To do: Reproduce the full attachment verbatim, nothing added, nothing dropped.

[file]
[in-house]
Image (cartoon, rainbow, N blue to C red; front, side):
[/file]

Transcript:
[in-house]
Image (cartoon, rainbow, N blue to C red; front, side):